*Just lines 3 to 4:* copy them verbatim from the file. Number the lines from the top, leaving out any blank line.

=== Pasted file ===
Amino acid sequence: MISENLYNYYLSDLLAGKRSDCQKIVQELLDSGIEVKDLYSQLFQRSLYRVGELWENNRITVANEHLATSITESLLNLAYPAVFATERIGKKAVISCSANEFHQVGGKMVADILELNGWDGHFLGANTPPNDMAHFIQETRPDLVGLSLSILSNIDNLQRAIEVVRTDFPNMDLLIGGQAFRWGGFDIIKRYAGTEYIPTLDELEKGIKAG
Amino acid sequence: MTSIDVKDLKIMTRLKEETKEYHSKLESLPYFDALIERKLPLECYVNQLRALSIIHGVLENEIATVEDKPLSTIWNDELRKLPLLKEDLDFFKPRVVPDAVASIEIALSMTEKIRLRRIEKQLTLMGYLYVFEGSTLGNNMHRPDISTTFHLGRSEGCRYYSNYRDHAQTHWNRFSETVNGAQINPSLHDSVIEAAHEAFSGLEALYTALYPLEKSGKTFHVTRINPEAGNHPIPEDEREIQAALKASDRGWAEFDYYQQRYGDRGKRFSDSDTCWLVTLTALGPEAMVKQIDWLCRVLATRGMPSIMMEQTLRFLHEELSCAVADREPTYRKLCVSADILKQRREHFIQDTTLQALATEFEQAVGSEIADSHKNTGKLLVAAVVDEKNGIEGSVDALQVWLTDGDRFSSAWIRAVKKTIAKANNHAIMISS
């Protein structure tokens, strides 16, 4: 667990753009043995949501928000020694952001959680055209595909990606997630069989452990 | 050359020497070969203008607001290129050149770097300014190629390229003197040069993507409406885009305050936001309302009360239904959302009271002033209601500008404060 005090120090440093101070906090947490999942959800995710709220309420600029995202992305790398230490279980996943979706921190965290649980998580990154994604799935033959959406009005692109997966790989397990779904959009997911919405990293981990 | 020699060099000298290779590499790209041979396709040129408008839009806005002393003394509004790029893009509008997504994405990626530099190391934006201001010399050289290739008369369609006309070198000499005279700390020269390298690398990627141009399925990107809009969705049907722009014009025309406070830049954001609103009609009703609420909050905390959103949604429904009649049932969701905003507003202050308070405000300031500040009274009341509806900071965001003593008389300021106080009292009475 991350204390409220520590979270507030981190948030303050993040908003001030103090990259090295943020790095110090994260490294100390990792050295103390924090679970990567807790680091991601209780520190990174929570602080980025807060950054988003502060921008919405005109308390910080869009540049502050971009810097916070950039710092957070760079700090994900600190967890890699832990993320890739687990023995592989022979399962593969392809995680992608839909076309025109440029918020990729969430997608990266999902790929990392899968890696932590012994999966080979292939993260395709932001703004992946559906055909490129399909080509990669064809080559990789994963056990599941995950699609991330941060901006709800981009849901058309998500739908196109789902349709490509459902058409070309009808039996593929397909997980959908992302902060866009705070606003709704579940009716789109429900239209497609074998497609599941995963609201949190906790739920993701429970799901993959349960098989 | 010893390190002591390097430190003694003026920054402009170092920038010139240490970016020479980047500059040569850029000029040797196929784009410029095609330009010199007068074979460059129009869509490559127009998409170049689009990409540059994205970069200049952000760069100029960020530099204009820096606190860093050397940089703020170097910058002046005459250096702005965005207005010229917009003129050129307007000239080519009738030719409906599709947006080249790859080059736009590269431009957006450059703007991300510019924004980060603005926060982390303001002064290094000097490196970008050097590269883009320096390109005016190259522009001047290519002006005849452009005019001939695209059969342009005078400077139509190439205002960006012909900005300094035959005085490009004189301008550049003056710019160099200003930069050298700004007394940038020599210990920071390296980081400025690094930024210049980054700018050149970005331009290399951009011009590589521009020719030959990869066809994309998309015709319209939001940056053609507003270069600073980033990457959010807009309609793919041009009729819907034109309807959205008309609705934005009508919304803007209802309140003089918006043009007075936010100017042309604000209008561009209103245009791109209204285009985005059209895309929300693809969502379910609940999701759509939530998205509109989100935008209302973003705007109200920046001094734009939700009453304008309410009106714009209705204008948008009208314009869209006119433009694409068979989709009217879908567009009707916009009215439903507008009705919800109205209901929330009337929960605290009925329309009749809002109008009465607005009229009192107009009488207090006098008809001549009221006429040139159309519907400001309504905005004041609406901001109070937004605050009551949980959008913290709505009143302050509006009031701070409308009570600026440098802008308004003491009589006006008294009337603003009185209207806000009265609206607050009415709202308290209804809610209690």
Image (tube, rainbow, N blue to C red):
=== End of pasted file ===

């Protein structure tokens, strides 16, 4: 667990753009043995949501928000020694952001959680055209595909990606997630069989452990 | 050359020497070969203008607001290129050149770097300014190629390229003197040069993507409406885009305050936001309302009360239904959302009271002033209601500008404060 005090120090440093101070906090947490999942959800995710709220309420600029995202992305790398230490279980996943979706921190965290649980998580990154994604799935033959959406009005692109997966790989397990779904959009997911919405990293981990 | 020699060099000298290779590499790209041979396709040129408008839009806005002393003394509004790029893009509008997504994405990626530099190391934006201001010399050289290739008369369609006309070198000499005279700390020269390298690398990627141009399925990107809009969705049907722009014009025309406070830049954001609103009609009703609420909050905390959103949604429904009649049932969701905003507003202050308070405000300031500040009274009341509806900071965001003593008389300021106080009292009475 991350204390409220520590979270507030981190948030303050993040908003001030103090990259090295943020790095110090994260490294100390990792050295103390924090679970990567807790680091991601209780520190990174929570602080980025807060950054988003502060921008919405005109308390910080869009540049502050971009810097916070950039710092957070760079700090994900600190967890890699832990993320890739687990023995592989022979399962593969392809995680992608839909076309025109440029918020990729969430997608990266999902790929990392899968890696932590012994999966080979292939993260395709932001703004992946559906055909490129399909080509990669064809080559990789994963056990599941995950699609991330941060901006709800981009849901058309998500739908196109789902349709490509459902058409070309009808039996593929397909997980959908992302902060866009705070606003709704579940009716789109429900239209497609074998497609599941995963609201949190906790739920993701429970799901993959349960098989 | 010893390190002591390097430190003694003026920054402009170092920038010139240490970016020479980047500059040569850029000029040797196929784009410029095609330009010199007068074979460059129009869509490559127009998409170049689009990409540059994205970069200049952000760069100029960020530099204009820096606190860093050397940089703020170097910058002046005459250096702005965005207005010229917009003129050129307007000239080519009738030719409906599709947006080249790859080059736009590269431009957006450059703007991300510019924004980060603005926060982390303001002064290094000097490196970008050097590269883009320096390109005016190259522009001047290519002006005849452009005019001939695209059969342009005078400077139509190439205002960006012909900005300094035959005085490009004189301008550049003056710019160099200003930069050298700004007394940038020599210990920071390296980081400025690094930024210049980054700018050149970005331009290399951009011009590589521009020719030959990869066809994309998309015709319209939001940056053609507003270069600073980033990457959010807009309609793919041009009729819907034109309807959205008309609705934005009508919304803007209802309140003089918006043009007075936010100017042309604000209008561009209103245009791109209204285009985005059209895309929300693809969502379910609940999701759509939530998205509109989100935008209302973003705007109200920046001094734009939700009453304008309410009106714009209705204008948008009208314009869209006119433009694409068979989709009217879908567009009707916009009215439903507008009705919800109205209901929330009337929960605290009925329309009749809002109008009465607005009229009192107009009488207090006098008809001549009221006429040139159309519907400001309504905005004041609406901001109070937004605050009551949980959008913290709505009143302050509006009031701070409308009570600026440098802008308004003491009589006006008294009337603003009185209207806000009265609206607050009415709202308290209804809610209690």
Image (tube, rainbow, N blue to C red):